Council calls for urgent review of fire and rescue levy
THE EMERGENCY Management Fire and Rescue Levy is in urgent need of review according to Southern Downs Regional Council with the additional tax being unfair on ratepayers in small rural towns.
Deputy Mayor Ross Bartley said locals are blaming council for the extra charge when it is in fact a State Government initiative.
"My personal opinion, away from council, is that I will not be paying the levy," Cr Bartley said.
"I will be holding out against the levy in a form of protest.
"I don't know how much more the rural sector can stand, we are already struggling through a drought," he said.
Cr Bartley said he would be happy to pay the fee if he knew the money was going directly back to the emergency groups.
"There's no guarantee and they haven't been very open about how the money will be used," he said.
"This is a very popular LNP area however I can tell you this decision has been very unpopular.
"Everyone should stand up and let the government know they aren't happy," Cr Bartley said.
Local Government Minister David Crisafulli said council's had every right to explain to ratepayers the levy is a state charge.
"The increased demand for things like swift water rescues, helicopter rescues and other emergency responses across the board means we need to have a well-resourced emergency services to help communities in their time of need."
Southern Downs CEO Andrew Roach said they had raised the concerns about this tax with Police and Community Safety Minister Jack Dempsey last year.
"The minister advised that State Government believed the expansion of the former Fire Levy was one of the most equitable means for providing the best emergency response for Queensland," he said.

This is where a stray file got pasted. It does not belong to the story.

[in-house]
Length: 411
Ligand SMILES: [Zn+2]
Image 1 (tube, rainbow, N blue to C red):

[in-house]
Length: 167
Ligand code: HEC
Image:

"However council now finds itself in the position of needing to collect a levy which it has no control over."
"As emergency management is required in all Queensland households it is recommended that the EMFRL is imposed on electricity bills in the next financial year."
Mr Roach said council was further proposing the Local Government Association of Queensland lobby and drive a whole of council approach across the state.
Warwick Fire Brigade Station Officer Darren Welsh said a majority of their funding comes from levies.
"It helps pay our wages, gets us new trucks and pays for equipment," he said.
"And because of this we maintain our equipment more."
Councillor Vic Pennisi said he was also concerned about farmers affected by drought dubbed with the extra fee.
"We already have a rural fire levy in place and I can't see how this new levy will help our farmers," he said.